BTW, at the beginning of the book he talks about reading and how much he’s read in his life. Setting aside time to read one book a week is a recommended habit to get into.

Book Title: Get Smarter – Life And Business Lessons
Author: Seymour Schulick

ETA: Update – There’s a free Get Smarter Preview Chapter available to download in pdf.

The New Rules of Marketing & PR – David Meerman Scott

New Rules of Marketing & PRI got a nice surprise when David included me in his thanks and sent me a proof copy of his new book: The New Rules of Marketing & PR along with an audio seminar Online News Releases. Sweet Stuff!

I’d like to share juicy tidbits of the book with you, but also talk about some things that I’ve learned as a marketer/blogger that correlates to what David has written. I hope it will be interesting, and be warned: this is a long post ;).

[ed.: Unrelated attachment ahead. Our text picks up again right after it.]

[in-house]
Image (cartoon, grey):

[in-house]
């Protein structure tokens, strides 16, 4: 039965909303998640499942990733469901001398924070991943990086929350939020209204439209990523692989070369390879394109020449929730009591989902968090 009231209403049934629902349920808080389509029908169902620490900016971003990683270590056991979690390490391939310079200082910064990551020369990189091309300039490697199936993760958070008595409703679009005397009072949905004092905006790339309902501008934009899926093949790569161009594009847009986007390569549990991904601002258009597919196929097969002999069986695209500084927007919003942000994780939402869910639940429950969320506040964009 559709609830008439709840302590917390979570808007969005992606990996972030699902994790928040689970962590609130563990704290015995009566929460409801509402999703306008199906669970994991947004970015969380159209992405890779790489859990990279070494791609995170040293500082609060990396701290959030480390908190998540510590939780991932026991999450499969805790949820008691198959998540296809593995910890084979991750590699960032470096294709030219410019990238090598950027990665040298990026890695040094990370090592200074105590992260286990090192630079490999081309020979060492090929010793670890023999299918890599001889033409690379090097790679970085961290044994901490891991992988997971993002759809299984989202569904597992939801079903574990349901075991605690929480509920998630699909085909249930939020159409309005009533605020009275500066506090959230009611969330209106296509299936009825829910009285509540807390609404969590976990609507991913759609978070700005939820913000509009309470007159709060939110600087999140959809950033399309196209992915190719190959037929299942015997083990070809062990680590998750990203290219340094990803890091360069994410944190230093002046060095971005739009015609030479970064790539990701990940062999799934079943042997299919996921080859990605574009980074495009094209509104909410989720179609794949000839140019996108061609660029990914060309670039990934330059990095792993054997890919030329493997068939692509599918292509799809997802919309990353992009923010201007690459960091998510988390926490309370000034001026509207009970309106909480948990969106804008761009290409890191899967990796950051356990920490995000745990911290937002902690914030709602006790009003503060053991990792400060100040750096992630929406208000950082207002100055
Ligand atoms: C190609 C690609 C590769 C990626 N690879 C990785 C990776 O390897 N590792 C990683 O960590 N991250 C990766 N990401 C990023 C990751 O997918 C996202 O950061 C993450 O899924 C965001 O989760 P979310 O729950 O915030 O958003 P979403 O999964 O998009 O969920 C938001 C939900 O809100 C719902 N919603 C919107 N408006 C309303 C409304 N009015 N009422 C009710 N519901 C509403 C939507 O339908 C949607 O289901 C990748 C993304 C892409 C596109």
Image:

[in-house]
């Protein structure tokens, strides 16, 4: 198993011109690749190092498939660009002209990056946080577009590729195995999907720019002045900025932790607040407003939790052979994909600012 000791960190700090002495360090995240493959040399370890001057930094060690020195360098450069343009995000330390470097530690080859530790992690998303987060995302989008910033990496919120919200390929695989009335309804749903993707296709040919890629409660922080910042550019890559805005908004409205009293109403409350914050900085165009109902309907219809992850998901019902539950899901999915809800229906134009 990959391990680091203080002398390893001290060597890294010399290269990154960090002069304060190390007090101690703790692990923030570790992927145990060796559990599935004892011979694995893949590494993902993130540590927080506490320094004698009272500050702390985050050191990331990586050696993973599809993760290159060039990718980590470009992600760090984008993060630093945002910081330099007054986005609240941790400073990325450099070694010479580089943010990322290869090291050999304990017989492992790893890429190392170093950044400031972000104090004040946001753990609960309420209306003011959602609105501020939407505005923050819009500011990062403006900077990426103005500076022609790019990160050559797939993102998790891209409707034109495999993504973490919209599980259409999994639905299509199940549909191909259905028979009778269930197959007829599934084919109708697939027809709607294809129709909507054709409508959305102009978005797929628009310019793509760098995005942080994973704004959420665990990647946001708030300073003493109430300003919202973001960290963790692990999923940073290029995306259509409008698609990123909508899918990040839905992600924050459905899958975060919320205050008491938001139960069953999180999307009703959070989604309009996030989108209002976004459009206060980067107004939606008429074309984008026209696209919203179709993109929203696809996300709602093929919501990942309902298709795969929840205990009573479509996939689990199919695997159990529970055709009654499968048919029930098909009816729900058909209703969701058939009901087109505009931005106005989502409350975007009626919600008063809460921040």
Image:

If you liked the Cluetrain Manifesto, you’ll like this book. Message: If you have something to sell–you need to understand, and respect, that consumers are now plugged in and connected like never before. Companies are slowly beginning to realize that building relationships and communicating with consumers is the fast track to manna.

David provides plenty of examples and actionable steps that can help expand your online reach–this book isn’t marketing theory and fluff, it’s all laid out with examples and steps to make. And HELLO! we could all benefit from that info. You don’t have to be big business to benefit from what he’s shared, there’s some great stuff in the book.

If you’re a company and you’re not trying to figure out how to connect with your customers online or how to generate buzz and work with bloggers, ***You Are Late***. Because some of your competitors already are, and the number is growing by the day.

Buyer Persona Profiles

David talks about developing “Buyer Persona Profiles”: Who are you trying to reach? What are their goals? Problems? What’s important to them? What are they doing online? What are they attracted to? and on and on. Flipping this to online marketers and bloggers, I’ve found that I have applied this with great success to one of my blogs.